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Shakespeare and the Rheims new testament (1582): old claims and new evidence.

In the face of increasing interest in the subject of Shakespeare and religion, the tradition continues that he supposedly read or used the English Bible in various translations, especially the Geneva and Bishops' versions, but allegedly not the Rheims. At first blush, because Shakespeare lived in England and was subjected to the propaganda of Elizabeth's regime, this seems to make sense. The Prayer Book, the Homilies, and the English translations of the Bible were virtually inescapable influences; and so, it seems plausible that his works contain allusions to the Bishops' and Geneva Bibles, the Prayer Book and the Homilies. In Shakespeare's Biblical Knowledge (1935). Richmond Noble provided evidence for the tradition in its most compact and convincing form. Since then, the cause has been taken up by Naseeb Shaheen with a more expansive treatment in Biblical References in Shakespeare's Plays (1999, rpt. 2011). (1)

Formerly, it was somewhat credible, as Shaheen puts it, that "Arguments that Shakespeare ... was acquainted with the Rheims are too farfetched and contrived to be taken seriously" (35). However, in the light of recent scholarship, this claim no longer makes sense. The Rheims New Testament (1582) was preceded by a long line of previous translations of the Bible, especially the Tyndale (1526), the Great (1539), the Geneva (1560), and the Bishops' (1568). Translated in exile at Rheims principally by Gregory Martin, formerly of St. John's College, Oxford, it provided extensive notes and annotations. Intended to counter English Protestant translations, it in fact followed them in many ways, differing of course at crucial points. (2) Contrary to the simplistic carnard about the Protestants going back to "the original Greek" and the Catholics to the "corrupt" Latin Vulgate, in fact the title page of Rheims reads, "Diligently Compared with the Original Greek." The question was which Greek texts were more accurate, a problem that Gregory Martin, who was proficient in Greek and Hebrew, attempted to resolve by recourse to St. Jerome and the Church Fathers, who presumably better understood Greek and possibly had access to better texts. The Rheims translation drew an elaborate and fascinating response from the Protestant controversialist William Fulke, who in 1589 published an edition of the Bishops' and Rheims versions in parallel columns with commentary.

To be sure, with Catholicism illegal, the Rheims New Testament certainly would have been a dangerous book to have around, although perfect cover would have been afforded by a copy of Fulke's edition. But it is apparent that two root assumptions, once quite plausible, have blocked any full consideration of the Rheims translation by Noble and Shaheen. First, if indeed the Rheims translation "does not appear to have had a wide circulation, [since] after it was published in 1582 it was not reprinted until 1600" (Shaheen 35), Fulke's publication of the Bishops' and Rheims versions in 1589 went into two additional printings in 1601, suggesting it was more widely read, possibly as a fascinating contrast of theological commentary. Second, allusions to the Rheims version of the New Testament were dismissed by Shaheen "because the translators of the Rheims frequently borrowed Geneva readings" (35). But in that case Shakespeare may have alluded to either the Rheims or the Geneva New Testament. Where both are the same, allusions to Geneva may well be to Rheims. Noble cites three instances at Lk 23.34, Lk 15.16, and Mt 10.29 (64-67). Thirdly, while Noble and Shaheen were explicit about allusions to the Homilies and Prayer Book, they largely ignored Catholic sources, occasionally ascribing them vaguely to "tradition rather than Scripture" (Shaheen 544). Finally, one must certainly concede that some Old Testament allusions come from the Geneva or the Bishops' version, but the evidence Shaheen offers for New Testament allusions is remarkably slim. Of "approximately thirty" examples he cites from Geneva, only fifteen are to the New Testament, seven of which are the same in both Rheims and Geneva, and only eight are distinctively Genevan. But as I shall attempt to show, there are far more allusions to Rheims that are overlooked by both Noble and Shaheen, who clearly lacked an ear for Catholic phraseology.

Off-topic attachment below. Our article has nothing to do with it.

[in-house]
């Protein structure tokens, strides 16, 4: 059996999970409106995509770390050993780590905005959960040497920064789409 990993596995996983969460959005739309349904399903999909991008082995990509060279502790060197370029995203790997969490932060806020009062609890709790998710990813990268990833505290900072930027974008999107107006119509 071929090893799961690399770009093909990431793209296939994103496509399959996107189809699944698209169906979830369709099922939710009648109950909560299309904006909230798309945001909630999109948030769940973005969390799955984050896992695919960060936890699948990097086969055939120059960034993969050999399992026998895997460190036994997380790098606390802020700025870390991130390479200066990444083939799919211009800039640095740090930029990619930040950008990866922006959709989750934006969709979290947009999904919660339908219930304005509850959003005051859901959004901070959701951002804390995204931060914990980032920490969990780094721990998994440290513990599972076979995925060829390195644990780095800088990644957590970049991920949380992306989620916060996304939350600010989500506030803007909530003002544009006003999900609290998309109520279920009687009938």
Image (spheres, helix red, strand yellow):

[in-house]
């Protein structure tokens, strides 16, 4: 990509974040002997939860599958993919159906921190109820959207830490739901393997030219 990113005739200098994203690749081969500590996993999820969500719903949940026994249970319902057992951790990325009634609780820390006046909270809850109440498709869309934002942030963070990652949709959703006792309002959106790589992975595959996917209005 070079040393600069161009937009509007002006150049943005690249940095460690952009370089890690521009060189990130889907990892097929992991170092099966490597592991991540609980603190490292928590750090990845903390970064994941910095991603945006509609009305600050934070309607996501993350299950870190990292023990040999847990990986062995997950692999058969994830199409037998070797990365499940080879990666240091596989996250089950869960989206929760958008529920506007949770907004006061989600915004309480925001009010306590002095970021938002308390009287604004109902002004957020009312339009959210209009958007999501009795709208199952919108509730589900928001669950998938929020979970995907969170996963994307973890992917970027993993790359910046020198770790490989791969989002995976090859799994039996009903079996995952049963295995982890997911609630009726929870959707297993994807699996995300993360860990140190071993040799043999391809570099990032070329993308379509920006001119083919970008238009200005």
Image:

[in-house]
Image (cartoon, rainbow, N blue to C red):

My aim in this essay, then, is to argue that, while Noble and Shaheen's studies are helpful and testify to Shakespeare's allusions to English Protestant translations, the Elizabethan Homilies, and the Book of Common Prayer, they create a one-sided impression and fail adequately to consider the Rheims New Testament and Catholic sources. As a recent study points out, "The diversity of versions reflected in Shakespeare's writing indicates that 'Shakespeare's Bible' cannot be taken for granted as unitary, since it consists of a network of different translations" (DeCook and Galey 9). The project needs to be expanded in order to be more inclusive. 1 do not provide an exhaustive list here, but only a number of notable examples. I have provided a summary table of such examples at the end of this essay.